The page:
“It’s it amazing the things some people will eat? Food, by the way, is something of a hobby of mine, and I never case to wonder at the incredible results that can be achieved by a good chef with a few basic ingredients.”
As you’re tucking into your turkey this Christmas Day, feeling the strain at your waistband and your blood turning to gravy, you may be too stuffed to think of your next meal. You certainly won’t want to think of Lamb Armistan – not once you know what it really is.
It’s the speciality of the house at Sbirro’s, the exclusive restaurant in Stanley Ellin’s short story that inspired my favourite episode of ‘The Price of Fear’, with the opening lines above. As a small gentlewoman, I was given the cassettes of this classic BBC radio serial one Christmas – I can still hear the crackle of the tape on my Walkman and feel the tingle in my spine as the opening shriek of violins signalled the start of a new story. ‘The Price of Fear’, boomed the announcer. ‘Brought to you by Vincent Price.’ And then the thrills began.
‘The Speciality of the House’ as adapted for radio takes some liberties with Ellin’s story – it moves the action from New York to London for a start. However, it retains for us that sickening sensation as we, the listener, realise quite quickly that Sbirro has a dreadful end in mind for Price’s poor, lonely, increasingly tubby friend.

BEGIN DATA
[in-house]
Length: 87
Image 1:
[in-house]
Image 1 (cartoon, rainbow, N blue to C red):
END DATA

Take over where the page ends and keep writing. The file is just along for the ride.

For Lamb Armistan is only rarely on the menu in this tucked-away little restaurant, where most of the diners are men on their own, chasing new epicurean delights. There are no condiments on the table, and the kitchen offers no choice of dish, but when the food arrives, we hear Price’s pleasure at the taste, at the genius of the chef. We also hear his friend, Laffler’s, disappointment that Lamb Armistan isn’t on the menu that evening. He explains that the lamb is the finest meat, a select portion of the rarest sheep in existence, and Sbirro has exclusive rights to serve it to his hungry patrons. Poor Laffler has one ambition, ‘something of an obsession’. A gift granted to only the most favoured diners – to see the inside of Sbirro’s kitchen.
After several weeks dining at Sbirro’s, Price notices his girth expanding. He has had the speciality of the house, which is everything Laffler promised – and he has met the mysterious Sbirro, whose enigmatic statements about Lamb Armistan have only served to get Price’s juices flowing faster. ‘Sometimes, my friend, when you have nothing better to do, sit perhaps for a little while in a dark room and think of this world, and what it is, and what it is going to be. Then you must turn your thoughts to the significance of the lamb in religion. It will be so interesting.’
We know what’s going to happen to Laffler – as with a good meal, it’s the anticipation that makes it more delicious. He declares he is going away on business, and enjoys his last dinner with Price. Despite the efforts of a waiter to dissuade him, Laffler accepts Sbirro’s invitation to finally see the famous kitchen. The last we see of Laffler is him happily being led by Sbirro through the doors at the back of the restaurant, with Sbirro’s hand patting him lightly on his ‘plump, meaty shoulder, squeezing it ever so gently, almost lovingly, rather in the way a housewife squeezes a prime, fat turkey before she puts it in the oven’.